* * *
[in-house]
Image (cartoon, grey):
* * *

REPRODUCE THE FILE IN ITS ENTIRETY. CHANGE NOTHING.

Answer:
[in-house]
Image (cartoon, grey):